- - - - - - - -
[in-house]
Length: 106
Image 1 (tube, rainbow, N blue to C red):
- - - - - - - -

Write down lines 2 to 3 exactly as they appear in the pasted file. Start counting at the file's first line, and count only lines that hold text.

Length: 106
Image 1 (tube, rainbow, N blue to C red):